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Review: Dogfight at Chapel Off Chapel

Updated: Nov 12, 2023

Review by Wendy Samantha


Definition.

Dogfight: a fiercely disputed contest.


The title alone sets you up for an adventure where some will win and some will lose. How that can be interpreted as the story unfolds is left to you. So be ready.


Arriving at Chapel Off Chapel which is all a hustle and bustle - you’re in the heart of a busy night life, crowded bars, vintage fashion, the aroma of some great coffee and the surrounds of creative culture. Hitting the foyer on opening night at Theatrical’s production of Dogfight is all of Three Bees a buzz with Friday night drinks and the excitement and high expectations for an entertaining evening.


Walk through the theatre doors and you’ve entered a story. If you know anything about dischords, this is how it will sit. There’s the clash, and the sweet resolve. But this show is bittersweet and leaves you with a memory that will cling to you. It creates interest, it brings up sensitivities, it strips reality down bare. It’s a raw and fresh slice of theatre where the beautifully written music adds gently to the emotional and unique ride that is Dogfight.


Based on the Warner Brothers film and screenplay by Nancy Savoca, Dogfight was adapted by Peter Duchan with music and lyrics by Benj Pasek and Justin Paul. The musical first premiered Off - Broadway in 2012 and hit London in 2014. We are back in the 1960’s and meet Eddie Birdlace (Daniel Nieborski) who takes us back four years before he returned from Vietnam. His buddies, Bernstein (Tristan Sicari) and Boland (Josh Direen) form together the Three Bee’s and along with their mates Gibbs (Amir Yacoub), Stevens (John Ninis) and Fector (Kael Serin-D’Alterio) are all caught up in a cruel game of dogfight where they have to bring the ugliest date to a party. Each marine puts up $50 to be a part of it all and the winner takes the pot. Enter waitress Rose (Antoinette Davis) who like any girl is excited to be asked out on her first date by Birdlace, but as he walks her to the party he hesitates knowing she may get hurt. Rose of course does not realise she’s part of the joke, so pulls him along to the event in hope of a little romance. Unfortunately, after a few drinks she finds out she was asked out under false pretenses and that the truth of it all is rather disgusting. Hurt and humiliated, Rose cries herself to sleep and Birdlace soon realises the ugly truth of what he has done. Sadly however, he is the only one of his friends who seems to understand how demeaning the game has been. Perhaps this is why the ending was written the way it was.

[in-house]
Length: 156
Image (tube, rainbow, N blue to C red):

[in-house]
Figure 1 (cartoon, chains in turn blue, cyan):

Knowing he’s off to Vietnam the next morning, Birdlace tries to redeem himself with a newly opened heart and carries hope to make a new start with Rose. Forgiving and kind, she entertains the idea of love and they set off for a pleasant evening together whilst Birdlace’s marine buddies spend the night trying to score one night stands, paid hookups and quick tattoos.